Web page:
Friday, 17 August 2012

Rules of Civility.

I love books, but I am not a fast reader. As a result, I often find it difficult to really get into a novel. If the author takes too long to spark my interest, my patience for the story quickly dwindles. This being said, like most readers, I absolutely love when I simply can't wait to pick up my book. I love when I can't stop thinking about it, and when I intentionally put time aside in my day to pick up where I last left off. 

Rules of Civility did this for me. What I found interesting though, is that it wasn't plot twists and suspense that had me hooked, but rather the author, Amor Towles' incredibly colourful and descriptive writing. Within the first few pages, I was transported back to a 1938 New York City that was so vivid, I felt as though I was watching a film. Not since Atonement, has a novel been such a visual experience for me. 

The story follows twenty-five year old Katy Kontent as she starts at the bottom and climbs her way through the upper ranks of New York Society. Katy is intelligent, and constantly humouring us with her cool wit. Despite her humble start (living in a girls boarding house, and working as a secretary), Katy manages a glamourous lifestyle. With Towles' attention to detail, the reader can hear the jazz, and taste the gin, along with Katy, her free spirited train-wreck of a friend, Eve, and the handsome banker, Tinker Grey.

It is Tinker who makes a point of following George Washington's Rules of Civility, a practice aimed at refining his character. The author includes all 110 of Washington's rules at the end of the book. The following are some of the rules that stood out to me. Some were humourous, and others helpful reminders, that I think in today's society we all to often forget.

4th In the Presence of Others Sing not to yourself with a humming Noise, nor Drum with your Fingers or Feet.

6th Sleep not when others Speak, Sit not when others stand, Speak not when you Should hold your Peace, walk not on when others Stop.

18th Read no Letters, Books, or Papers in Company but when there is a Necessity for the doing of it you must ask leave: come not near the Books or Writings of Another so as to read them unless desired or give your opinion of them unask'd also look not nigh when another is writing a Letter.

25th Superfluous Complements and all Affectation of Ceremonie are to be avoided, yet where due they are not to be Neglected.

45th Being to advise or reprehend any one, consider whether it ought to be in publick or in Private; presently, or at Some other time in what terms to do it & in reproving Shew no Sign of Cholar but do it with all Sweetness and Mildness.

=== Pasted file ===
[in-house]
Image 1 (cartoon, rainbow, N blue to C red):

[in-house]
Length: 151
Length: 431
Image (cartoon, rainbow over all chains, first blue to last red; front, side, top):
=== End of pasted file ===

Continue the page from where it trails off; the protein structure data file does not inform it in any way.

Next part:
47th Mock not nor Jest at any thing of Importance break no Jest that are Sharp Biting and if you Deliver any thing witty and Pleasent abstain from Laughing there at yourself.

53d Run not in the Streets, neither go too slowly nor with Mouth open go not Shaking yr Arms kick not the earth with yr feet, go not upon the Toes, nor in a Dancing fashion.

54th Play not the Peacock, looking every where about you, to See if you be w
ell Deck't, if your Shoes fit well if your Stokings sit neatly, and Cloths handsomely.

56th Associate yourself with Men of good Quality if you Esteem your own Reputation; for 'tis better to be alone than in bad Company.

68th Go not thither, where you know not, whether you Shall be Welcome or not. Give not Advice without being Ask'd & when desired do it briefly.

70th Reprehend not the imperfections of others for that belongs to Parents Masters and Superiours.

74th When Another Speaks be attentive your Self and disturb not the Audience if any hesitate in his Words help him not nor Prompt him without desired, Interrupt him not, nor Answer him till his Speech be ended.

74th When Another Speaks be attentive your Self and disturb not the Audience if any hesitate in his Words help him not nor Prompt him without desired, Interrupt him not, nor Answer him till his Speech be ended.

103d In Company of your Betters be not longer in eating than they are lay not your Arm but only your hand upon the table.

'Place not your spoon on the wrong side of your cup and saucer'.....oops!!!

The central theme of the story revolves around the concept that a simple occurance (whether chance or not) in your twenties can shape your life forever. When looking at my own life (specifically some of the events that have taken place in the last year), I see how this could hold true.

Do you think there is truth to this theory? Has a specific event in your life shaped your current path?
Please leave a comment, I'd love to hear your stories.

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